The two main sections of Nippon Connection’s film program consist of Nippon Cinema, which includes a wide range of large- and small-scale productions, and Nippon Visions, entitled Nippon Digital in previous years and focused on emerging filmmakers working in the digital format. This year, attendees were bound to find at least a few buried gems in their schedules given the rich variety of distinctive and intriguing films to choose from. Of them, perhaps none were more uniformly surprising, satisfying and well made than Naoki Kato’s remarkable Abraxas. Its central character is Jonen, a former punk rocker who decided to become a Buddhist monk. Married with a young son and working at a small community’s temple, he struggles with bouts of medication-treated depression that often plunge him into dark moods. He finds relief from his inner torment through an overwhelming desire to make music, but this is not merely another story of art serving as a liberating outlet for a person’s creativity. Rather, Jonen desperately seeks a sense of purpose; a spiritual anchor that will put his demons to rest and grant him a measure of contentment in his life. This ambiguous goal paves the way for several wonderfully noisy musical performances, the clear standout among them taking place by the sea. With an amplifier hooked to a portable generator and placed on a tiny island of rocks, Jonen faces the watery expanse with his guitar in hand and proceeds to “duel” with nature, letting loose a cacophony of chaotic notes into the crashing waves.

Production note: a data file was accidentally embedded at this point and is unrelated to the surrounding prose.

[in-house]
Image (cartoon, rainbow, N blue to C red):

The conflicted Jonen is brilliantly portrayed by real-life musician Suneohair, who, with his striking features, has the perfect face for a monk. He remains totally convincing and likeable in the part even as he wildly wavers between childlike elation, mopey sullenness and stoic contemplation – difficult acting gymnastics that easily could have been botched. Surrounding Jonen and his goal to hold a rock concert in town is an excellent cast of supporting characters, notable among them Tae (Rie Tomosaka), his refreshingly spunky wife, and a doubt-filled youth wondering where his future lies. As Abraxas glides along, it steadily becomes apparent just how well balanced and honed it is in all the necessary areas: pacing, editing, acting, character development, attention to its numerous plot strands and so forth. One would hesitate to call it an art film, but at the same time, it certainly carries more edge, spark and stylistic confidence than the average feel-good drama.